BUSINESS STRATEGY, UX DESIGN
Triumph Learning’s primary business was making test prep workbooks. They needed to become a contender in digital learning—and fast.
In 2012, most U.S. states were on the verge of switching to new learning standards—the CCSS. These standards shifted the emphasis from test prep (Triumph’s bread and butter) to just-in-time digital practice. Triumph had a brief window to catch up.
What I did
I crafted the vision for Waggle, an adaptive learning platform. Teacher and student dashboards would be free. Then schools would be able to purchase learning packs to plug into the system.
The student dashboard helped kids prioritize their work. A unique meter, hosted by Cloudy, quantified score and effort—supporting a growth mindset. The solution was fresh; the business model sustainable.
I interviewed Triumph’s front line, marketing and sales, to understand branding and distribution requirements. I then interviewed customers to understand their attitudes toward Triumph. “Trustworthy, but boring.”
Customers were open to a product shift.
Personas crystallized. One key insight? This product wasn’t just for struggling students. By making Waggle adaptive, we’d challenge proficient learners too.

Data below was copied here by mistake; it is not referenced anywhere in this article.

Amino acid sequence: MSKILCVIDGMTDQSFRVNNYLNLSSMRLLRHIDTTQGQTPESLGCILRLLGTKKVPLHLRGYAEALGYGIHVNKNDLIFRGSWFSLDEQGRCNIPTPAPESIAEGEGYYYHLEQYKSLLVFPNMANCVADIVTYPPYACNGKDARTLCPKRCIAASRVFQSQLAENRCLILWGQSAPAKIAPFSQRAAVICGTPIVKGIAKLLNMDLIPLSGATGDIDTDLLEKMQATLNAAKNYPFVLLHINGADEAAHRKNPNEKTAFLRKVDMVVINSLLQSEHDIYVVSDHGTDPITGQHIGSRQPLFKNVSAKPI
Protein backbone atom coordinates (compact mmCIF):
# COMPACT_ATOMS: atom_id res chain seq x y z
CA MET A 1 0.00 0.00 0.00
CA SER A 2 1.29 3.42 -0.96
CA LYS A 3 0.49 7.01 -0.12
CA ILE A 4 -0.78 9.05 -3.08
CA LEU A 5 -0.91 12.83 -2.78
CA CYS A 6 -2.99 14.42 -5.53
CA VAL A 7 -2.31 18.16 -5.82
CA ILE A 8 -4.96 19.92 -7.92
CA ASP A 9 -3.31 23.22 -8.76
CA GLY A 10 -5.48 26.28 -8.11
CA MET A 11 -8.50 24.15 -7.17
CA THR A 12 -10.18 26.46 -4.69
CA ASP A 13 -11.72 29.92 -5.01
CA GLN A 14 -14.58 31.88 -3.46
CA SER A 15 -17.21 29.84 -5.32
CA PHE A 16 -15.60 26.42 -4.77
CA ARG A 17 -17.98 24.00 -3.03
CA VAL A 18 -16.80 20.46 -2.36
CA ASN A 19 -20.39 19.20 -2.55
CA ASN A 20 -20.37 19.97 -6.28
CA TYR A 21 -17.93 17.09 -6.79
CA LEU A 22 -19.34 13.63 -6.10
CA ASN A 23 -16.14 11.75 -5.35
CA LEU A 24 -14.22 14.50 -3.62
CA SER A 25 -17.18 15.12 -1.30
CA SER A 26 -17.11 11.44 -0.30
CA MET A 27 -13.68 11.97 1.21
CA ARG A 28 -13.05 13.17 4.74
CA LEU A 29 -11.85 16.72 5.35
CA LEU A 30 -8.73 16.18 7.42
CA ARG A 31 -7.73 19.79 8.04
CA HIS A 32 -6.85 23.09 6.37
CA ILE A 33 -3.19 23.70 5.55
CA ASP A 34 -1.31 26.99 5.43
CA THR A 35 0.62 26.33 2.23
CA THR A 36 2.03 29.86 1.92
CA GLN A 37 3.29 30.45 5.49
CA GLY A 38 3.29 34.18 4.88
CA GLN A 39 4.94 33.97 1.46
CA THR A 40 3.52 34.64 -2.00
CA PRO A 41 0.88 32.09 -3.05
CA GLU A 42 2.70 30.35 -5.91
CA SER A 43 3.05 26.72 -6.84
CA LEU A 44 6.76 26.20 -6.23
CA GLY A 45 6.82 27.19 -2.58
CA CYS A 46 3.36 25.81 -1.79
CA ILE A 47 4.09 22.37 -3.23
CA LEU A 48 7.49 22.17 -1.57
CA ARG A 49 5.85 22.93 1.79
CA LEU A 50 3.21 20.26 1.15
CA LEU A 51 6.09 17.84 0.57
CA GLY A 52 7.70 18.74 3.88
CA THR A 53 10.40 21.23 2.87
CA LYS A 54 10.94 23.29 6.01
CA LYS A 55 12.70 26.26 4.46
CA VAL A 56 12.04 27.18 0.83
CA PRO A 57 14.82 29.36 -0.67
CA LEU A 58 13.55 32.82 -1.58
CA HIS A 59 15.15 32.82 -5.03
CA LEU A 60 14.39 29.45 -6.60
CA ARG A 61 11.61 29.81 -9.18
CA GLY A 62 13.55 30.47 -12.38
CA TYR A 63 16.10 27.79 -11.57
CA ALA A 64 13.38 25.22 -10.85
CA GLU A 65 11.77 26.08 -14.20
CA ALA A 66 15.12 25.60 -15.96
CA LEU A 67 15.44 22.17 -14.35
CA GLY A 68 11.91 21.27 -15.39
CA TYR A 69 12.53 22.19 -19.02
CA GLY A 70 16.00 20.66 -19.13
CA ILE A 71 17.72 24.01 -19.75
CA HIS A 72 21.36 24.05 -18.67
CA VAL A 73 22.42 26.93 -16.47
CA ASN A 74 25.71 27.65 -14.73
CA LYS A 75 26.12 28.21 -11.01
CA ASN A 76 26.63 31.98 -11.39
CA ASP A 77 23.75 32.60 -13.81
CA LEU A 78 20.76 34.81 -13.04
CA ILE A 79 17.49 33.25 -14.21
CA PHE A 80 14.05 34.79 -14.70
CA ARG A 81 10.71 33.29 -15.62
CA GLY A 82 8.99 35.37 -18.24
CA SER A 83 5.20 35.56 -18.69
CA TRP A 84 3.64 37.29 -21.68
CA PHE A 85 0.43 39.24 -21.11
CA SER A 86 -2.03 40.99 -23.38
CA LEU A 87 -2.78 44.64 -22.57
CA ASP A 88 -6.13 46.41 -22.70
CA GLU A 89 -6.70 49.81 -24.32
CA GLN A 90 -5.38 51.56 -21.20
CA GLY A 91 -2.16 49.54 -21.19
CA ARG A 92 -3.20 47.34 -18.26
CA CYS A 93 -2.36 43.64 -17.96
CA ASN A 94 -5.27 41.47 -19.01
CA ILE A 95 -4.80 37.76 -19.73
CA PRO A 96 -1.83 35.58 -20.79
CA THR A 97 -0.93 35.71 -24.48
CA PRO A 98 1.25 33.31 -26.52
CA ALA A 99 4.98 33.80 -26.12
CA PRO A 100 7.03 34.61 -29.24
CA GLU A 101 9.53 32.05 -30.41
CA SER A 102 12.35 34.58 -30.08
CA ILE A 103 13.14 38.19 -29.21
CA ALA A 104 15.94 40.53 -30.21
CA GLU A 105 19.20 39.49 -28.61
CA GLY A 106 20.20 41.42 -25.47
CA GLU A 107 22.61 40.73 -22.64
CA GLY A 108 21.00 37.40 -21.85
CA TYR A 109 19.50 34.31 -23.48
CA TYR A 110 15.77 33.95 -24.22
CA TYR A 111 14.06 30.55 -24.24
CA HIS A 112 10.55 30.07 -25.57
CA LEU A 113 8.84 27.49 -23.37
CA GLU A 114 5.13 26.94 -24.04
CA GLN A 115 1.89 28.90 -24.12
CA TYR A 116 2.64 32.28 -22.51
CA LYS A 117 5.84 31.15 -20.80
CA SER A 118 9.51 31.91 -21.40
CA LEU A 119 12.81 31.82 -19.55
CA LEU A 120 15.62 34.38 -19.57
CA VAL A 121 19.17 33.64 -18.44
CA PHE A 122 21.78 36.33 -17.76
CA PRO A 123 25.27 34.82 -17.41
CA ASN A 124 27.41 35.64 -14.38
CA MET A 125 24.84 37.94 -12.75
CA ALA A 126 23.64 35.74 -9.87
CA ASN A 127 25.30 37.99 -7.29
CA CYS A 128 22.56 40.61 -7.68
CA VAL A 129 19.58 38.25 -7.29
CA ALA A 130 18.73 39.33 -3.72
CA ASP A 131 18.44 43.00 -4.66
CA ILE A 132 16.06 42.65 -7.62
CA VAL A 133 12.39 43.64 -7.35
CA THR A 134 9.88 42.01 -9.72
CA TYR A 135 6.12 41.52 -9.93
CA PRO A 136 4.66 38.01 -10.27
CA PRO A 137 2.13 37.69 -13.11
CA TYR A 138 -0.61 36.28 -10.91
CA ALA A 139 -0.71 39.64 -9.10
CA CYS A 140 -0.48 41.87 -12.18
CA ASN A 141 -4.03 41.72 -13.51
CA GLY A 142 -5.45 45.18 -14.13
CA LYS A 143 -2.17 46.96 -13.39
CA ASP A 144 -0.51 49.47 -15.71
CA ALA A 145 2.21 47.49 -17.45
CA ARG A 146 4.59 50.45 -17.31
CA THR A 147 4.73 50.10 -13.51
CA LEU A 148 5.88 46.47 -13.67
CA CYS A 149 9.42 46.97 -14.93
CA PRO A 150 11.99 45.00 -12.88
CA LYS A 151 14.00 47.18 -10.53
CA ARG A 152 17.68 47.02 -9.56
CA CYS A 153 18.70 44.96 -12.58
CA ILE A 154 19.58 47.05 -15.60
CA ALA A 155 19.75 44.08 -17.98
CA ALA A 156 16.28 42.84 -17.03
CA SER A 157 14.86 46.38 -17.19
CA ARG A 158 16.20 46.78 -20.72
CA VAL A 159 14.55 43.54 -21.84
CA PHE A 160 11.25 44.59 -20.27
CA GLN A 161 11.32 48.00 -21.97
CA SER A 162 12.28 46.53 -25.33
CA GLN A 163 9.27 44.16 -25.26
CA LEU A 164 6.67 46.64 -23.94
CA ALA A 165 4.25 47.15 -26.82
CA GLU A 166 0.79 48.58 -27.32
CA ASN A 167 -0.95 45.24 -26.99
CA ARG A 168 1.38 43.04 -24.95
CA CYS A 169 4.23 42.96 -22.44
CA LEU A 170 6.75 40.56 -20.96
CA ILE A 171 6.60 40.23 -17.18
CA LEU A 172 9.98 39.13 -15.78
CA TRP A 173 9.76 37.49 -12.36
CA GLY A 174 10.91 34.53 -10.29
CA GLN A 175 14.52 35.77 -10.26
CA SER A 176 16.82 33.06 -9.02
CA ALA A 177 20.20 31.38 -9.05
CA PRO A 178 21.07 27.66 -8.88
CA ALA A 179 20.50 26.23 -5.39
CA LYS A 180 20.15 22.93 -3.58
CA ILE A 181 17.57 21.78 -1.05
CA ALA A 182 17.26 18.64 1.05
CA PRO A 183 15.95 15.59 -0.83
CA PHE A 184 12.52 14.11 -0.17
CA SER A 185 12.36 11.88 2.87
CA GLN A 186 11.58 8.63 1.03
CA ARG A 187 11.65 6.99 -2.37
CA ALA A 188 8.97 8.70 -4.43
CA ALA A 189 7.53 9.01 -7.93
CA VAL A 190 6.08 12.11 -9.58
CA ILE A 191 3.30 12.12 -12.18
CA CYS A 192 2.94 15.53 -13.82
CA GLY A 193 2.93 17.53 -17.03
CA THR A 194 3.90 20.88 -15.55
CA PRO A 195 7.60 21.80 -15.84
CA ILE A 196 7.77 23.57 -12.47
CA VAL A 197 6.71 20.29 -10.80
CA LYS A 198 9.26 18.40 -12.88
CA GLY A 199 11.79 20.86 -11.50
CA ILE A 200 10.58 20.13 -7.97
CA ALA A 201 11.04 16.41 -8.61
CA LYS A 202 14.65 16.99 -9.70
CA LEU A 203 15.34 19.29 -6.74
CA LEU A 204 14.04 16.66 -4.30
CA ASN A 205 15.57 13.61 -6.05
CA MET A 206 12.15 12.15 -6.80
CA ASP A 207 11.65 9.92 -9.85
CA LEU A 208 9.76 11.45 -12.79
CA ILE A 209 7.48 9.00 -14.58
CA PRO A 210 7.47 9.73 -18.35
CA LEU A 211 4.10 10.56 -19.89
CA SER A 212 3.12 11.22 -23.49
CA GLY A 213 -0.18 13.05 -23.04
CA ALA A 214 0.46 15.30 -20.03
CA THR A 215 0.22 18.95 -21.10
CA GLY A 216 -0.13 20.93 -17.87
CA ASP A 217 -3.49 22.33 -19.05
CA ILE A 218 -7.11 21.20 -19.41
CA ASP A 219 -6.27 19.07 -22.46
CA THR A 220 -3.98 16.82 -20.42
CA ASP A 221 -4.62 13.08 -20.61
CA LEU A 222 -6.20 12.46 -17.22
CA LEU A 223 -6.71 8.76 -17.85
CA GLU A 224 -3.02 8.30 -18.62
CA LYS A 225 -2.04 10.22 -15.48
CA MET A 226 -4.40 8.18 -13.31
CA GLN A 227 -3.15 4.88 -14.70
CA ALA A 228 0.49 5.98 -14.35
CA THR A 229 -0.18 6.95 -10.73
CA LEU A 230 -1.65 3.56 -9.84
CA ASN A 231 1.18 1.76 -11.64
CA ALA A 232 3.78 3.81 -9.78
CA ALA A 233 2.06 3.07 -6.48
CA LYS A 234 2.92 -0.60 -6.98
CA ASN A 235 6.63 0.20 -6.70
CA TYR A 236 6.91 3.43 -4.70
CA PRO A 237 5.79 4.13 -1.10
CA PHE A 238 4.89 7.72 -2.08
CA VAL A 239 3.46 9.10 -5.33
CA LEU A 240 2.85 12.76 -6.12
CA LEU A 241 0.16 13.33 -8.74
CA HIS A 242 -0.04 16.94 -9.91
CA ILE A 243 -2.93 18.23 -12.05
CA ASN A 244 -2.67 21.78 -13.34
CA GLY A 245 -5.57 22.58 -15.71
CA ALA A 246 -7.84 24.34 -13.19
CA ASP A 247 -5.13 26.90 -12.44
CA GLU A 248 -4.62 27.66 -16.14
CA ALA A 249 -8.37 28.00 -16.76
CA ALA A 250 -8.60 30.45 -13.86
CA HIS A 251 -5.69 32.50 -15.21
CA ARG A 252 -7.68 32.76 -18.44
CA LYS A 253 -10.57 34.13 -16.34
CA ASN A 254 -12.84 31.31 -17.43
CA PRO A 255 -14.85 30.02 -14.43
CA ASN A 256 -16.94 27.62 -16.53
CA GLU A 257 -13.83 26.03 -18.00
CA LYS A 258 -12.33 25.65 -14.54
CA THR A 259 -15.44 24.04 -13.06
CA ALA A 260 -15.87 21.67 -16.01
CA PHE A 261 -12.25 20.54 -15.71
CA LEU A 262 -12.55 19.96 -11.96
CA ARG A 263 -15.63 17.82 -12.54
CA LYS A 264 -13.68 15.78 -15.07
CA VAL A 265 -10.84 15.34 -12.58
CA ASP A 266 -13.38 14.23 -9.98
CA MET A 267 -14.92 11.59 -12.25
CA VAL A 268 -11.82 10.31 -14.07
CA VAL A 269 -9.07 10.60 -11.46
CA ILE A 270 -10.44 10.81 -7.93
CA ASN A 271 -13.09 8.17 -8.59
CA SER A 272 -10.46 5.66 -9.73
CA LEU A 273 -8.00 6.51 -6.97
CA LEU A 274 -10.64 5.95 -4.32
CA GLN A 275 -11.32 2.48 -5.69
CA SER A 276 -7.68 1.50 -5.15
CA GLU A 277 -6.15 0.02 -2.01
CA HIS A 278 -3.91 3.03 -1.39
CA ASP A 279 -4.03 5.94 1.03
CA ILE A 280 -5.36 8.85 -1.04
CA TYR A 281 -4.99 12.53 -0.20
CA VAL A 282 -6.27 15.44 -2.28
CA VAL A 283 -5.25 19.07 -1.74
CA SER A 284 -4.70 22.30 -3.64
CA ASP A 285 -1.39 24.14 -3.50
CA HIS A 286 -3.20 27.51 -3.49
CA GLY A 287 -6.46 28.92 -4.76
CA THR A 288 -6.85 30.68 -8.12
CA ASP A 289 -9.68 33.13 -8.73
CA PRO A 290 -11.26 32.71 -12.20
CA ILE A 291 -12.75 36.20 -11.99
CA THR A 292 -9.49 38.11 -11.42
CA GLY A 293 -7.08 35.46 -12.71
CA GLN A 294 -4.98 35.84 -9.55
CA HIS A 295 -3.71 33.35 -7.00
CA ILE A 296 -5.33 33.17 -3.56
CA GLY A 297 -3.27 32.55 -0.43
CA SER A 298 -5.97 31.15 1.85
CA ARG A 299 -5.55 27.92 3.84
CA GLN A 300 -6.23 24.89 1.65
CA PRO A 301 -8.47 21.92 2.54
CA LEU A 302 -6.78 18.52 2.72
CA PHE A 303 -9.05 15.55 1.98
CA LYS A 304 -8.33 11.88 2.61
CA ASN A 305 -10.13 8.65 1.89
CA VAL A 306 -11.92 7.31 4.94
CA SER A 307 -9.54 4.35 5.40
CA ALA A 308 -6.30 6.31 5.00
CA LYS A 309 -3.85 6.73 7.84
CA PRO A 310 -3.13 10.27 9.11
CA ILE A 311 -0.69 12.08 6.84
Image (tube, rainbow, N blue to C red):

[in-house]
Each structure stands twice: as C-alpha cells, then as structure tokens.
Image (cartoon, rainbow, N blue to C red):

I hung up persona posters. I distributed product ‘trading cards’, giving marketing and sales early campaign language.
Even though I’m a decent test taker, I always forget what I’ve learned by the next day. Nothing sticks.”
I sketched this flow, giving the team a common vocabulary to discuss the project. It made potential issues visible. For one, we learned that allowing kids to bookmark (or ‘grab’) content would skew the recommendation engine.
At the same time, I designed drag-and-drop authoring tools. This template supports click-to-fill prompts: Plant beans in 2/3 of the field.
This template supports graphing prompts: Draw a line of symmetry through the figure. It even supported prompts with more than one solution: Draw a parallel line.
A Boolean interface made it possible to tailor feedback to a variety of student responses. Getting tailored feedback helped students unstick themselves.
Finally, I worked with editors to understand their workflow—laps and handoffs. The team was anxious about changing their print-based process. So I crafted a flow that would feel familiar out of the gate.
Triumph introduced Waggle in 2014. The final product supports adaptive learning and rapid content authoring. Triumph’s factory floor was reconfigured to support always-on publishing.
- Purchased by Houghton-Mifflin Harcourt in 2019
- 2016 CODiE Award
- Teachers Choice Award, Learning Magazine
- Best in Show (ISTE) by Tech & Learning
- Bill & Melinda Gates Foundation Grant
- EDDIE Award